Make's Sean Michael Ragan reviews an old-school Dymo Metal Embossing Tapewriter he found cheap on eBay and finds it to be an eminently satisfying piece of kit. There are modern versions but they'll cost you lots more, and this thing is pretty much indestructible so there's no reason not to buy a cheapo one on eBay.
But in terms of construction quality and durability, the Tapewriter is as far removed from those cheap plastic embossers as a Mercedes is from a Kia. It’s 10″ long, weighs almost two pounds, and is made almost entirely from cast aluminum, with steel fittings here and there, and all held together with machine screws. The only polymer in the thing, as far as I can tell, is a rubber friction coating on the internal tape drive wheels...
Embossed aluminum is pretty much the ultimate labeling material. Without wanting to be morbid, there is a reason why military services around the world choose it for personnel identification tags. Secured with mechanical fasteners, instead of adhesives, an embossed aluminum label will stand up for years against water, extremes of heat and cold, prolonged direct sunlight, and any organic solvent you care to throw at it. This is a true “industrial-grade” labeling tool, and if you can snag a used one for a reasonable price, you can expect a lifetime of use from it.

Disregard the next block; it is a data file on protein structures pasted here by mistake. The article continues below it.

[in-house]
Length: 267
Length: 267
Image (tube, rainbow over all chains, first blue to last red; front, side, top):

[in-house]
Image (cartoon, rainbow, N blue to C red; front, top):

This chamber, currently under construction at NASA Glenn Research Center in Cleveland, will be able to reproduce the temperature, pressure, and chemical conditions on the surface of Venus. Scientists will use it to find materials and lander designs that can withstand the 1,000 degrees Fahrenheit temperatures on that planet.
In a story on the chamber for WIRED, Dave Mosher points out that a similar chamber already exists. The trouble is, it's too small to fit a life-size model of a Venusian lander. The new chamber will be big enough to test out equipment at the size it will be used. Better yet, the new chamber could also be used to replicate conditions on other moons and planets, as well.
Thanks to its thick walls, it can simulate all conditions experienced during a trip to Venus: launch, the cold vacuum of space and even atmospheric entry.
In the future, operators could simulate conditions found in Jupiter’s outer atmosphere, the Martian equator and even vents near volcanoes on Jupiter’s moon Io. Seven- and 10-foot-wide additions to the first chamber (below) could also make room for prototypes designed for ultra-cold conditions on the moons Europa, Ganymede and Titan.
Gerber is one of my favorite multitool companies; I like the fact that they're always experimenting with clever (but rarely gimmicky) ways to extend the functionality of pocket tools. Case in point: this forthcoming "Steady" tool, which incorporates a tripod with a standard camera screw-mount. I really miss carrying multitools wherever I go, but the combination of insane, overreaching anti-knife laws in the UK and frequent, expensive airport checkpoint confiscations (I forget stuff sometimes!) has put my multitool in dry-dock beside my desk. The Steady is due in 2012 -- maybe by then we'll live in a world that acknowledges that banning edges from public places isn't necessary or sufficient for safety.